But the devil is in the details and when it comes to evicting homeowners arguments abound about who has "standing" to foreclose, broken chains of title, improper assignments, "holder in due course"; all the verbiage and phraseology that surfaced in the wake of the 2010 revelations surrounding so-called robo-signing improprieties. In the past few years courts around the country -- federal and state -- have offered widely varying decisions on what this all means for struggling homeowners. For Geoff Walsh this is a bad omen for a one-size-fits-all foreclosure law so why put in the time and effort (Walsh mentioned NCLC's involvement in the previous unsuccessful Uniform Non-Judicial Foreclosure campaign).

It begs the question: why did the ULC decide to again dip its toes into this seemingly dead sea? Well, the answer may lie with the motives of Fannie Mae and Freddie Mac. Both have some financial skin in this game, each pledging $62,000 towards the work of the current committee, which makes sense since the Federal Housing Finance Agency which oversees Fannie and Freddie has historically pushed for quicker foreclosures, especially under the tenure of the deservedly maligned Dubya appointee, Edward DeMarco.

While the deliberations in Seattle on July 11th will be behind closed doors, William R. Breetz, who chairs the drafting committee has made it clear that outside comments are welcome and that meetings (with the exception of the one pending) are open to the public although when I went to the ULC site I couldn't discern when and where. In fact it seemed that entire web page was in dire need of a makeover and a good copy-read (yes, I found a typo). Any average Jane or Joe trying to slog their way through the various drafts and comments, including those offered by financial services heavyweights like the American Securitization Forum, will find it a tough road to hoe. It would also be helpful if the affiliations and job histories of committee members were listed alongside their names; something that was conspicuous by its absence. While three of the members, including Alan White, are credentialed consumer advocates the others seemed to be senior jurists in the twilight of their careers and gauging by their pictures many would do well as golf course extras in a Caddyshack sequel.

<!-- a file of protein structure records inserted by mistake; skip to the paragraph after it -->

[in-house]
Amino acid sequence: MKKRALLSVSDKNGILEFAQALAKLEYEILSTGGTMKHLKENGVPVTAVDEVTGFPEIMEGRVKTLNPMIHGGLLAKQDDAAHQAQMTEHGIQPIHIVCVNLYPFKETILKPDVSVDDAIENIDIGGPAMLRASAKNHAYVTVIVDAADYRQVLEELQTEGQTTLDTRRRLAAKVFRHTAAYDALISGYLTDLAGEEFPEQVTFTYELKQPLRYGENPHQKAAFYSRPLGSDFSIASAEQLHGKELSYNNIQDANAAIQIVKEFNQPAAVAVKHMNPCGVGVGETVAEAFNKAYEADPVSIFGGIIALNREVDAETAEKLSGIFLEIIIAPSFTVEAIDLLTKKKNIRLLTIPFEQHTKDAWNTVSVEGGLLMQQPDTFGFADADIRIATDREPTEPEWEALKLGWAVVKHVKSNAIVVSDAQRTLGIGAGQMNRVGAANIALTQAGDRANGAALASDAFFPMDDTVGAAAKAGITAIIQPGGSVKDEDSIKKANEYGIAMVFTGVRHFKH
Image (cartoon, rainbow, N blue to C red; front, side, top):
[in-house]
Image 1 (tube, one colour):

Melissa Hortman, a Minnesota state legislator and former legal aid lawyer and one of the three consumer advocates, believes that the committee is trying to get it "right" balancing the interests of both consumers and financial institutions but bemoans the lack of involvement by some consumer advocates. She does remain hopeful that they may return to the fold.

There is still a full year left. I think the committee is balanced, but I think the crowd of people who choose to attend our meetings and provide input is over-weighted toward financial institutions. It would be helpful if trusted voices for consumer interests would choose to participate in our process.

I really don't see the ULC as some sort of secret society on the order of the Knights Templar or the Bavarian Illuminati and while some conspiracy slingers may find parallels with Rockefeller's Tri-Lateral Commission or Prince Bernhard's Bilderberg Group I think the ULC scores pretty low on that particular scale. Frankly, I can't imagine these folks meeting deep in the forest dancing and prancing around a huge bonfire offering tribute to alien overlords in return for their help in maintaining an iron grip over the rest of humanity.

While I feel ULC's motives are fairly benign I can't say the same about their patrons or industry supporters and I think it a noble and needed effort that Karen Pooley and colleagues will be weighing in with their doubts and displeasure. My own feeling is something akin to President Reagan's in the wake of a 1987 arms control agreement with the Soviet Union.

Trust, but verify...

Joel Sucher, a filmmaker with Pacific Street Films is working on Foreclosure Diaries, a documentary about the financial crisis. He's written in the past for American Banker, and is a contributing blogger for Huffington Post and In These Times.